Cuvelier lavished great care on his prints in order to achieve a tonal and textural richness. He frequently used paper negatives and the salted paper process rather than popular collodion negatives and commercially prepared albumen paper. Paper negatives were made of fine writing paper sensitized with silver salts, exposed in a camera, developed, and fixed. The process yielded images with a matte surface and a soft, atmospheric quality resulting from the texture of the paper negative—characteristics that were ideally suited for creating romantic landscapes.

Cuvelier was inspired by the works of pre-impressionist painters who, in turn, were influenced by photographers. For instance, Corot, the premier landscape painter in France, knew Adalbert, who helped to introduce him to the cliché-verre process, which combines elements of printmaking and photography.4 The depiction of light was significant to artists in both fields. Because photographic emulsions at that time were not equally sensitive to all colors of the spectrum, the overexposure of the sky was necessary in order to expose the landscape properly. This overexposure, combined with the grainy texture of the paper negative, produced a loss of definition of solid forms and caused their edges to blur or soften. Areas of light and dark registered as indistinct tonal shapes, evoking an effect rather than a precise image. This characteristic of photography began to appear in painting in the late 1840s.5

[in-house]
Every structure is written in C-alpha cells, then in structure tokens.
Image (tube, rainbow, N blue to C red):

After Corot's death, 200 photographs described as different subjects, "after nature, by various artists,"6 were found in his studio. Whether or not some of these photographs were made by Eugène or Adalbert Cuvelier is not known.

(Text by Julia Thompson, published in the National Gallery of Art exhibition catalogue, Art for the Nation, 2000)


1. Letter from Millet to Rousseau, December 31, 1861, quoted in Aaron Scharf, Art and Photography (Baltimore, 1974), 92.